Alarm bells over mushrooming mental health clinics in Kerala

Lack of laws to regulate and monitor the functioning of clinics and virtual consultants has led to credibility issues, misdiagnosis of mental conditions, and delays in providing treatment
Representational image
Representational image

KOCHI: In the post-Covid era, social media has played a huge role in raising awareness on the significance of mental health, therapy centres, virtual counselling and consultations. With the increased popularity and acceptance, the state has been witnessing a rise in the number of private mental health clinics.

However, a lack of legislation to regulate and monitor the functioning of these clinics and virtual consultants has led to credibility issues, misdiagnosis of mental conditions, and delays in providing treatment, experts pointed out.

“Wrong people giving counselling to people lead to tragic events,” said senior psychiatrist C J John, citing the instance of a person who attempted suicide and later consulted him. “He was suffering from depressive disorder, which required medication, and was taking advice from a former police officer. These pieces of advice did not help him, leading to the suicide attempt,” Dr John said.

Many unscientific practices are entering the field of psychology because of the notion that anyone can practice counselling, pointed out Dr Arun B Nair.

“We have seen some religious leaders counselling and using spirituality in this field. Unscientific interventions can even lead to the spread of malpractices, pseudoscience, and pseudo-beliefs,” he said.

According to experts, counselling is not everyone’s cup of tea and a degree or post-graduation in psychology does not qualify anyone for the job. Rather, proper training is imperative. “Only those with some knowledge of psychiatry and neurological disorders can understand if the individual requires medication or psychological therapy. Awareness on psychiatric and brain disorders that can come with psychiatric symptoms is important,” Dr John said.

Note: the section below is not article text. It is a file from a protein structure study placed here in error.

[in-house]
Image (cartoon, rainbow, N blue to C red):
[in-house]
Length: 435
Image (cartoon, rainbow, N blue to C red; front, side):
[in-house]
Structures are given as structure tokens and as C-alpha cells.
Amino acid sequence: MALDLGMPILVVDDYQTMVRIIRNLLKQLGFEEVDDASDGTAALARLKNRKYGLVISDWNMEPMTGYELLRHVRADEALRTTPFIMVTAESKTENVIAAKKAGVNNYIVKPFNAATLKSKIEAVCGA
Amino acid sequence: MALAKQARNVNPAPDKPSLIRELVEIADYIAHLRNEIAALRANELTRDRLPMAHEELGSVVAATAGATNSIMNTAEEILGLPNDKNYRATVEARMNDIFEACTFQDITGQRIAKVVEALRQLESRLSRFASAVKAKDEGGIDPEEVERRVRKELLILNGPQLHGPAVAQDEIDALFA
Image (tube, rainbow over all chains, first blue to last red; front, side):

Counselling requires confidentiality and technique, and importantly, the person has to adhere to training under the supervision of qualified and senior practitioners, he added.

“A poorly trained person counselling a patient may fail to diagnose the condition, or even misdiagnose, thereby delaying treatment and worsening the condition,” said Dr Dhanya Chandran, head of the department of psychology at Amrita Hospital, Kochi.

Sometimes, brain disorders can also be projected through psychiatric symptoms, Dr Arun said. “A counsellor needs to have the capability to understand and diagnose such issues,” he pointed out.

There is also the issue of self-styled counsellors charging a huge fee after giving some random advice, Dr Dhanya said.

“Counsellors and therapists get huge amounts as fees. Somewhere around Rs 500 for a one-hour session. It is an income source for several people,” she said.

Experts demand that registration and licensing norms similar to those issued by the Rehabilitation Council of India for rehabilitation professionals be brought in for counselling centres as well.

An official with the directorate of health services (mental health) said that regulations for behavioural health science professionals are included in the Allied and Healthcare Professionals Act of 2021.

“The Act directs state governments to come up with a regulatory body for professionals and it will come into force in the state once the Act is implemented at the national level,” the official said.

“Licensing should be made mandatory before establishing a counselling clinic. Such clinics should be registered with the local bodies,” Dr John stressed.

The Mental Health Care Act 2017 has made it mandatory for mental health establishments to have registration and licence. “The state has established a Mental Health Authority based on the Act. The Act has specified the qualifications required for rehabilitation professionals. But counselling is not covered under it,” Dr Arun said, adding that awareness need to be spread on the qualifications.

“Often, people with mental health issues approach life coaches, trainers, and mind power trainers who may be qualified or trained in psychology. They can only give motivational speeches and train people to enhance business,” he said.

Writing down the qualifications and degrees on a name board should be made mandatory to prevent exploitation of patients, demanded Dr John.

Dr Dhanya wanted the government to take the initiative to appoint more trained counsellors at government establishments.

“If government hospitals have enough qualified counsellors, people won’t look for a private clinic,” she said. Dr John, too, stressed that the issue can be addressed with the installation of proper facilities at government hospitals.

“We have plenty of psychiatrists. Around 50 or 60 students pass out every year with an MD in Psychiatry from the government medical colleges in our state,” he said.

Who is a clinical psychologist?

A person who has acquired an MPhil in medical and social psychology after an MA or MSc in psychology. They are professionally capable of counselling people.

Who can prescribe medicines?

A psychiatrist who has completed MD in psychiatry after completing MBBS.

‘Govt should step in’

Experts said appointing more trained counsellors at govertnment establishments are important to tackle the issue.

Related Stories

No stories found.

X
The New Indian Express
www.newindianexpress.com